The descent off Ipsut Pass is fun, and my pacer Brandon (a killer downhill runner) and I let it fly as we rode the wave of exhilaration and adrenaline that I was ahead of schedule. Shortly after that came the largest climb of the entire route, so that exhilaration was short lived. The ascent along the Carbon Glacier is steep and exposed, in the heat of the day. When I thought about the climb as a whole I would really struggle with the process of putting one foot in front of another, but when I focused on the present moment, taking stock of how I was feeling then and there, it wasn’t so bad. So, I brought my attention back to my breath and continued the slog, reaching the top only to remember that another major climb lay before me after just a minor descent. I hadn’t remembered this additional climb, and the realization knocked me down. I started to despair about how slow I was moving and, without any actual data to back the claim, figured I was losing time. This lapse in positive focus is meaningful. I’ve come to see these middle miles of an ultra as a battle to stave off apathy, to keep caring when it inevitably gets tough.
I reached White River CG and didn’t ask about my time, assuming I was falling behind and the record was out of reach.I was unclear about the running time Dylan had taken to get to this point, and that was playing with my head. I stopped for a minute or two to collect myself, and then my crew shoved me out and told me to keep going, crossing the White River bridge that had water gushing over it at this time of the day! I’m glad they gave me no time to complain and recognized the need to inject me with urgency.
White River Campground to Box Canyon: 19miles, +6200/-7600
The climb up to Summerland is long but gradual, which was infuriating because it left me with no choice but to continue running rather than hiking. My pacer Sean and I stayed fairly sharp, but while he encouraged me that I was right where I needed to be, my internal dialogue said that I was continuing to lose time. I asked him not to give me any split comparisons with Dylan’s run so I could focus on my own process. Later Sean explained that I was actually gaining some extra time, but I don’t think I would’ve believed him in the moment. My climbing started to falter as we crested Panhandle Gap, the high point of the entire trail, and I felt myself swaying from fatigue with still many miles left to travel. We descended well into Indian Bar and then I continued my wavering ways up and out of a shorter but very steep ascent. I knew this wasn’t an extended climb along the Cowlitz Divide, but my mindset had me thinking too far into the future, yearning for a descent rather than taking care of the business at hand. When I finally crested this and began my descent, I started to find my groove again, simultaneously doing the math in my head to figure out if I was ahead, behind, or right on track with Dylan’s time. When I reached my crew, they had to work really hard to convince me that I was in fact ahead of the record. Their excitement felt real and I fed off of it. All of a sudden my new pacer Jordan and I were cruising in the evening light and I was feeling good.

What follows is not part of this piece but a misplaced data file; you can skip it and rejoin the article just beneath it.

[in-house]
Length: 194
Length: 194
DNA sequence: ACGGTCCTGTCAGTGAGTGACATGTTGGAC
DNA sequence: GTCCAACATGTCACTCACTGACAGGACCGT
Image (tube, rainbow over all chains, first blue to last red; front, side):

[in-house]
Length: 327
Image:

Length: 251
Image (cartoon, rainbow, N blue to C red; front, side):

Box Canyon to Longmire: 14 miles, +2500/-2500
I was still concerned about the upcoming final climb. The hope that comes with approaching the finishing line was starting to grow, but I kept remembering how poorly I had been climbing just an hour earlier. Jordan has paced me for multiple big efforts now and prepares for the job with incredible intention. I hope you have the opportunity to receive from such a dedicated crew member someday. He knew what to say and when to push me, and we began the final climb with renewed freshness, chasing the sunlight as it dove behind the western horizon, where we’d begun this incredible day. I surprised myself with the strength of my climbing and reached the top at Reflection Lakes clearly with enough time to set a new record.
What that final descent felt like, with all the miles and climbing and descending fully alive in my entire body, is what I seek from an extreme effort like this. The fatigue is real but the weight releases and I run free and happy. I redirected myself when I got to thinking about what it would be like when I finished and focused on the moment I was living in. Rachel joined us for the final mile and we ramped up our finishing speed as we caught a glimpse of headlamps signaling the finish. My dad had come up to see the finish and Sean and Brandon were there to welcome me home in a new Wonderland Trail Fastest Known Time of 16 hours 40 minutes and 55 seconds.
There’s plenty more to share, but I’ll leave it at that for now. Here are some other places to hear bits and pieces of the story:
On competition as cooperation: Dylan and I rehash our battle on his podcast.
On my volcano roots: My brother interviews me for Willamette Week.
On breaking free from the ultrarunning pecking order: Jeff Stern writes a recap.
On feeling ready: an interview with Meghan Hicks from irunfar.
On going for it: KGW does a little news story on the attempt.
I'm indebted to my wife Rachel for her endless encouragement and belief in this endeavor and always. Many thanks to Jordan Carey, Brandon Drake, and Sean Haworth who all took time away from work and family to support me as well, and my dad who drove his motorcycle up for the finish. I received advice and encouragement from Mike Irvine, Jeremy Provenzola, and Ryan Ghelfi leading up to the run that was also invaluable. And I owe deep thanks to my friend and competitor Dylan Bowman for his mind-bending run around Rainier a few days prior. He brought the best out of me by reimagining what could be done on that trail.